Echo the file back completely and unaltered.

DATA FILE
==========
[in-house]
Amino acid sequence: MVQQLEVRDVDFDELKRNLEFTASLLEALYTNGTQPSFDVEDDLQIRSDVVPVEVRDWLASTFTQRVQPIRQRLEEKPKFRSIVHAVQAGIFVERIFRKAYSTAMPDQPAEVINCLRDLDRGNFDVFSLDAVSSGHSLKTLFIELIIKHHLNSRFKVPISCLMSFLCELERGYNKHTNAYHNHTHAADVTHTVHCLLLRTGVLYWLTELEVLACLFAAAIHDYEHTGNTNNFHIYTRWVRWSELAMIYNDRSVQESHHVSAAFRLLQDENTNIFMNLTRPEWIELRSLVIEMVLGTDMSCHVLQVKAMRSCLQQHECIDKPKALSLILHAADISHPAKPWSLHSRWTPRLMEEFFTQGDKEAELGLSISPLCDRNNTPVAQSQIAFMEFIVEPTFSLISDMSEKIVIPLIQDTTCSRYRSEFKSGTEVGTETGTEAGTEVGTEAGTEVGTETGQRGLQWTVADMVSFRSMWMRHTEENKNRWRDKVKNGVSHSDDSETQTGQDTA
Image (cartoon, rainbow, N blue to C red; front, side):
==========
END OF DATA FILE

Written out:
[in-house]
Amino acid sequence: MVQQLEVRDVDFDELKRNLEFTASLLEALYTNGTQPSFDVEDDLQIRSDVVPVEVRDWLASTFTQRVQPIRQRLEEKPKFRSIVHAVQAGIFVERIFRKAYSTAMPDQPAEVINCLRDLDRGNFDVFSLDAVSSGHSLKTLFIELIIKHHLNSRFKVPISCLMSFLCELERGYNKHTNAYHNHTHAADVTHTVHCLLLRTGVLYWLTELEVLACLFAAAIHDYEHTGNTNNFHIYTRWVRWSELAMIYNDRSVQESHHVSAAFRLLQDENTNIFMNLTRPEWIELRSLVIEMVLGTDMSCHVLQVKAMRSCLQQHECIDKPKALSLILHAADISHPAKPWSLHSRWTPRLMEEFFTQGDKEAELGLSISPLCDRNNTPVAQSQIAFMEFIVEPTFSLISDMSEKIVIPLIQDTTCSRYRSEFKSGTEVGTETGTEAGTEVGTEAGTEVGTETGQRGLQWTVADMVSFRSMWMRHTEENKNRWRDKVKNGVSHSDDSETQTGQDTA
Image (cartoon, rainbow, N blue to C red; front, side):